Besides presets you get a few niceties the original didn’t have including arpeggiator shuffle, polyphony and key zones. You also can choose your favorite color!
For more info: www.d16.pl/shioitor
This entry was written by synthesizer and tagged d16, plug-in, roland, SH-101, Shioitor, synthesizer. Leave a comment or view the discussion at the permalink and follow any comments with the RSS feed for this post.
James Gramling is the technician behind the name Diabolical Devices who circuit bends drum machines and other noise making boxes. I’ve always loved the Roland TR-707. It’s the super tight kick in so many late 80s EBM and New Beat records. The Roland 727 is the 707′s latin cousin and her sounds are all over mountains of Freestyle tunes that still grace NYC radio. I think it’s really interesting that Big City Music, a traditional music retailer is selling James’s bent machines.
Diabolical’s custom modified TR-707/727 drum machines are capable of producing a whole range of new sounds. We add a bending patch-bay and hard-wired toggle switches which activate different ring modulated, filtered, distorted, and delay/doubling type effects. What “makes” these machines is the added multi-stage pitch oscillators…” – circuit-bent.com
If you don’t want to burn yourself silly with solder check out these drum machines at Big City Music: click here
This entry was written by hardware and tagged Diabolical Devices, James Gramling, roland, TR-707, TR-727. Leave a comment or view the discussion at the permalink and follow any comments with the RSS feed for this post.
There’s no drum machine like the Roland TR-808. It has kick that goes from a sharp click to boom and snares and hats that sound like chrome lightning. Since Roland never released the 808 and used prices are up and up it’s no wonder clones are arriving. We already have the Miami from Acidlab and as you can see above the MB808 from intellijel could be coming our way. I say yay.
More info: intellijel.com
This entry was written by hardware and tagged 808, acidlab, clone, intellijel, Miami, roland, Roland TR-808. Leave a comment or view the discussion at the permalink and follow any comments with the RSS feed for this post.
D16 have released their Roland TR-606 clone called Nithonat. I love all the D16 drum machines because they sound fairly close to the original hardware they emulate and also have terrific internal sequencers. My favorite feature is the random function. It is well worth reading the manual if you try/buy any of the D16 drum machines so you get the most out of them. Here is a set of samples I created from the new box:
Related post: D16 Drumazon and Devastor video.
This entry was written by plug-ins and tagged d16, Devastor, drum machine, Nithonat, roland, Roland TR-606, TR-606. Leave a comment or view the discussion at the permalink and follow any comments with the RSS feed for this post.
Sometime around 1996 I was living in Sheepshead Bay, Brooklyn (actually I was in Midwood). I came home from a European gig to find myself locked out of my apartment. My keys wouldn’t open the door as they did many times before. I quickly realized someone had tried or possibly succeded in breaking in. I called the police and six officers entered my small one bedroom. I was told to remain in the hall. The female officer of the group came and and told me, “It’s not pretty in there. You’re going to be a little upset.”.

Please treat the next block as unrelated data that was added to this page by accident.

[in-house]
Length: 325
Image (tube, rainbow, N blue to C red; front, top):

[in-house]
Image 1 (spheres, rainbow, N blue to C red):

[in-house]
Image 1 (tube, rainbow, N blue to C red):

That was the understatement of the year. Everything was gone except my DAT (Wikipedia: DAT Recorder) tapes and Electrocomp-101. Now when I mean everything I mean everything. They took my food, underwear, soap and bed too. Gearwise two TB-303′s and a ton of other pieces you would find in a typical 90s techno guy studio were gone including a loved Roland Juno-106. So this morning I smile knowing I’m safe, I have my old tunes on DAT tapes and my Electrocomp is still as large and heavy as ever. Needless to say all my studios since have been armed and alarmed.
Related post: Secure your recording studio from thieves.
This entry was written by business, hardware and tagged Brooklyn, DAT, electrocomp, Juno-106, roland. Leave a comment or view the discussion at the permalink and follow any comments with the RSS feed for this post.
Ableton Live 8. My passion Ableton Live has reached number 8. Once again the Berlin coding masters give us new features that fit nicely into the Live interface and workflow. So what’s new? Add grooves to clips using the new Groove Engine. Adjust grooves in the new Groove pool. Extract grooves from existing clips with simple drag & drop. Enhanced warp modes and a new warp engine that auto-assignes handles to transients. A new plug-in called Looper: Create endless layers of loops in a live performance jam with auto tempo recognition. Five new effects: Vocoder, Multiband Dynamics, Overdrive, Frequency Shifter, Limiter. Workflow enhancements: Crossfades, Enhanced Midi Editor, Collapsable and easy to create Group Tracks, Multi Parameter Manipulation (adjust several volume faders at once, etc.. (yay!)), Screen Magnifier, Audio & Midi Browser Previews now have a waveform display and scrubbing. Share: Built into Live 8 is a new way to share and collaborate over the internet. A new option in Live’s file menu called Share Live Set will send your song to Ableton’s servers. The song gets it’s own webpage and link. You can set the privacy settings. Songs files can be shared anywhere such as MySpace or Facebook. Suite 8 also got an upgrade: All new Library, new version of Ableton’s FM Synth Operator, Collision a creative percusion synth that uses physical modeling. link